Circular economy worth $2 trillion to Australian economy

28 March 2021 4 min. read
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Establishing a circular economy in Australia presents a massive $2 trillion opportunity according to accounting and consulting firm PwC, with significant environmental benefits to boot.

Sticking with a linear economy could cost Australia almost $2 trillion in forsaken economic benefits over the next twenty years, while transitioning to a circular economy might not only realise these gains but also prevent over 150 million tonnes of carbon dioxide from escaping into the atmosphere annually by 2040 – roughly around the time that global demand for gas is expected to peak. With net-zero emissions targets then just around the corner, it seems like a no-brainer to make the switch.

The figures are courtesy of professional services firm PwC, which in its latest modelling believes Australia could generate up to $1,860 billion in direct economic benefits through to 2040 by adopting a circular economy, and in doing so potentially shave 165 million tonnes of CO2 from the nation’s footprint per year by that time. Doing so however, and fully realising the economic and environmental potential, will require a concerted effort and the need for early progress.

Linear economy model

A renewed mindset among policy-makers, producers, manufactures, distributors, consumers and others – one which treats waste as a leakage of value to be avoided rather than dismissed – will also be required to establish a more sustainable circular economy with fewer emissions in place of the traditional linear model, guided according to PwC by the three principles of: optimising the consumption of finite resources, maximising product utilisation, and recovering by-products and waste.

75 million tonnes of waste

A linear economic model operates in the pattern of, crudely; source, make, use and dump, exacerbated by ever-increasing low-cost manufacturing and consumption. As it stands, upwards of 90 percent of the all raw materials dug from the ground or sourced elsewhere do not find their way back into the economy, while Australia currently generates nearly 75 million tonnes of waste per year. Meanwhile, commodities prices are on their way to tripling since the turn of the century.

“Every year millions of tonnes of materials are lost to landfill, such as plastics, paper, glass, metals, textiles, masonry, food and other organic materials. These are all potential sources of significant value and resources that are going to waste,” state the report authors, with PwC Chief Economist Jeremy Thorpe adding that, given the hundreds of billions of dollars worth of construction work presently underway, now is the logical time to institute circular building practices.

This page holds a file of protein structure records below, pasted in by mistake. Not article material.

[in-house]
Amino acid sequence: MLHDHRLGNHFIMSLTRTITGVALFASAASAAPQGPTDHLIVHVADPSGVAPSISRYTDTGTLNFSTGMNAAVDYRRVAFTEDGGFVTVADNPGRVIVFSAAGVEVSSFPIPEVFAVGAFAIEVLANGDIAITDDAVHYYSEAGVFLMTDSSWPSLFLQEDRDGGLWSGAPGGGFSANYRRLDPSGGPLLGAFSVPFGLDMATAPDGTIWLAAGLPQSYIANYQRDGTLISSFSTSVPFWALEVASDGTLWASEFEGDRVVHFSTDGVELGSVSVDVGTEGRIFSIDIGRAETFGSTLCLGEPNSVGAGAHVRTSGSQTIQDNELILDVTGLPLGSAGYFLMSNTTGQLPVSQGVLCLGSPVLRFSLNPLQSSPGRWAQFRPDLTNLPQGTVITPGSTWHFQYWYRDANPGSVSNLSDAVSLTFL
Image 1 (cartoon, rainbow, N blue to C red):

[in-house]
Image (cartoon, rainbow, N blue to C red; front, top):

In compiling its report, PwC gave consideration to the industry, mobility, community, and built environment segments of the Australian economy, with, industry aside, circular-minded adjustments to the building sector accounting for the bulk of the economic promise, at a projected ~$775 billion over twenty years. Construction and demolition alone produces basically the same amount of ‘core waste’ in Australia as all other commercial and industrial activities combined.

Australia economic benefits of circular economy

Drilling down further (or preferably not as is the case), of the high priority opportunities highlighted by PwC with respect to circular practices in the building sector, such as district cooling and modular construction, simple high value recycling and the reuse of modules could again reap the greatest rewards, a huge ~$485 billion across the twenty-year time-frame. As it stands, around only two thirds of core construction waste is recovered, leaving plenty of scope for more.

Here, PwC contends that disassembly should be favored ahead of demolition at end-of-life (a process presumably made simpler and cheaper if factored in at the time of construction), with the resulting high-value recycling reducing waste and also then material costs by up to 30 percent while only increasing labour by an estimated 5 percent – in the process supporting jobs. Recycling construction modules also reduces the energy needed to extract and process virgin resources.

“As our population grows, and particularly grows in our cities, we’re seeing more amounts of waste and more emissions,” Thorpe, who previously headed PwC in Canberra, told Fairfax.

“The challenge today is that not all second-hand materials are price competitive, but by incentivising the types of economic activity that help nature’s ecosystems rather than deplete them, lawmakers have the power to protect the environment and accelerate the transition to a circular economy.”